New York: Sports Betting Alliance launches campaign to legalize igaming

January 12, 2024 1:40 PM
Photo: Shutterupeire/
  • Conor Murphy, Special to CDC Gaming Reports
January 12, 2024 1:40 PM
  • Conor Murphy, Special to CDC Gaming Reports

Lobbying group Sports Betting Alliance has launched a political campaign to promote the legalization of iagming in New York, highlighting the potential economic benefits of regulated mobile and online casinos, a campaign that aligns with the reintroduction of legislation by Democratic New York Sen. Joseph Addabbo aimed at establishing a legal framework for online casinos in the state.

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Backed by industry heavyweights, including DraftKings, Fanatics, FanDuel and MGM, SBA’s campaign highlights the potential for igaming to generate big tax revenues. An advertising campaign funded by the SBA highlights the financial upside of igaming, noting $6 billion in taxable revenues generated by six states where online casinos are legal, including nearby New Jersey and Pennsylvania.

“New York faces dangerous deficits, and there’s an affordability crisis across the state. Life’s already hard enough for people without raising taxes or cutting services, but there’s a better way to begin addressing this problem. Neighboring states authorized igaming, creating billions in taxable revenue,” the advertising says.

“A mobile gaming package will net an additional $1 billion annually for the state, create union jobs and ensure New York consumers have access to consumer protections, which are only available in the legal and regulated markets,” the SBA website states.

Proposed Senate Bill 856 allows New York’s commercial and tribal casinos, retail sportsbooks and racinos to offer igaming. The bill also includes a provision for three licenses granted to companies with minority ownership, similar to Maryland’s sports betting legislation, designed to promote diversity in the industry.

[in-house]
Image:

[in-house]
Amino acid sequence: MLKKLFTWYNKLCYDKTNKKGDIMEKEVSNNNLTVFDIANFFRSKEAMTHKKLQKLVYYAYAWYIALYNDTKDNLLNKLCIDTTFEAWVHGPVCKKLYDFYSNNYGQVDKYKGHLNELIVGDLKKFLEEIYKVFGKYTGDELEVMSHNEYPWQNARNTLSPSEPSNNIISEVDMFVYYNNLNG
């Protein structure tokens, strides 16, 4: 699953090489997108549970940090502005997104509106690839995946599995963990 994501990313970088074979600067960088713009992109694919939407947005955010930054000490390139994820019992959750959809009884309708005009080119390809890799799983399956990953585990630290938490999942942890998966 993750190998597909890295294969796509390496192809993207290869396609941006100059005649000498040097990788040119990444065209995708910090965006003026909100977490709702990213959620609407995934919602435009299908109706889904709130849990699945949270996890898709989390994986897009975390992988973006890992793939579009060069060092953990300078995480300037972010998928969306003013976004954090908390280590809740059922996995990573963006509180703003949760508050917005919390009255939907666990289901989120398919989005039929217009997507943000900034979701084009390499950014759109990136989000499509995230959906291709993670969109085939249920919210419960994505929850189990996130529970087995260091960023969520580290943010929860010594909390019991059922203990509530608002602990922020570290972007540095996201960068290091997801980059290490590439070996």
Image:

Sen. Addabbo, a long-time advocate for legalizing online casinos in New York, believes that the state is missing out on substantial revenue by not participating in this market. He stated two months ago, on the 10-year anniversary of the launch of New Jersey online gambling, “I was certainly jealous of the fact that they were doing stuff that we should have done in New York.”

Addabbo estimates that New York could forego about a billion dollars a year to neighboring states with legal online casinos.

“I was concerned, as we always are, when neighboring states do something that we don’t do,” he said. “It usually means a loss of money, a loss of jobs or a missed opportunity. And I hate missing a golden opportunity.”

However, there is opposition to expanding gaming in New York, with concerns being raised about local community reactions, especially with the anticipated issuance of downstate casino licenses.  In addition, New York Gov. Kathy Hochul has not included potential igaming income in her recent budget, suggesting she may not be in favor of signing the legislation should it pass, meaning rallying support for igaming may prove challenging for Addabbo.

The Sports Betting Alliance estimates that igaming could help reduce the state’s deficit by up to $1 billion annually. This comes in the context of the success of New York’s online sports betting industry, generating substantial tax revenue for state education.

“By letting people play casino games online, we can decrease deficits and help our families and schools. Let’s bring igaming to New York,” the SBA’s advertisement said.